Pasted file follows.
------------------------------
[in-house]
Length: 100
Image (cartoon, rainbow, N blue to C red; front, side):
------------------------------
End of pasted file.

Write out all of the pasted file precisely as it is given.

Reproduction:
[in-house]
Length: 100
Image (cartoon, rainbow, N blue to C red; front, side):